Employee Told To “Concentrate On [Her] Health”
On December 9, 2012, Graham was stabbed in the street and spent thirty days recuperating from the assault. On January 8, 2013, Graham informed WIN that she was ready to return to work, and was told to come in for a meeting the next day. The next day, Graham attended a meeting with the President and Vice President of WIN, and was told that she was being placed on administrative leave because a client had accused her and another individual of forcing the client to lodge a complaint against Hall. Graham requested a copy of the client’s complaint, but never was provided one. On January 15, 2013, Graham attended another meeting with the President of WIN, where she was fired. At the meeting, the President told Graham that she should “concentrate on [her] health,” now that she was unemployed.
Court Finds Evidence of Wrongful Firing
WIN filed a motion with the trial court seeking dismissal of Graham’s disability discrimination claim. In doing so, WIN argued that the evidence established that Graham was fired for a legitimate, non-discriminatory reason—her misconduct as reflected in the client’s complaint—and not because of her disability. The trial court denied WIN’s motion for dismissal and ruled that Graham had alleged sufficient facts to prove that her discharge was “motivated at least in part by discrimination relating to her disability.”
In support of its ruling, the trial court determined that the two strokes Graham suffered during her employment with WIN constituted a disability within the meaning of the ADA. The trial court also observed that “the strokes were the subject of contention” between Graham and WIN, which “refused [Graham’s] requests for accommodation and in fact went out of its way to create less accommodating conditions by requiring her to work long hours and lift and carry objections.” The trial court also pointed out that the President of WIN specifically referenced Graham’s health when discharging her, telling her to “concentrate on [her] health,” now that she was unemployed. From this evidence, the trial court concluded, a reasonable jury could find that Graham was wrongfully fired because of her disability in violation of the ADA.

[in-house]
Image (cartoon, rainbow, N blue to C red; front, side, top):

Consult With Ocala, FL Wrongful Discharge Lawyers
Based in Ocala, Florida and representing employees throughout Central Florida, our Marion County, Florida wrongful termination lawyers have dedicated their practice to fighting for employees who have been wrongfully fired. If you have been wrongfully fired or have questions about your protection against wrongful termination under the federal employment laws, please contact our office for a free consultation with our Ocala, Florida wrongful termination lawyers. Our employee rights law firm takes wrongful termination cases cases on a contingency fee basis. This means that there are no attorney’s fees incurred unless there is a recovery and our attorney’s fees come solely from the monetary award that you recover.